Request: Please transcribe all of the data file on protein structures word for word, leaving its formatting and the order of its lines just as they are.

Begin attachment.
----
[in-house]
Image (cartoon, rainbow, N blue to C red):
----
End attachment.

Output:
[in-house]
Image (cartoon, rainbow, N blue to C red):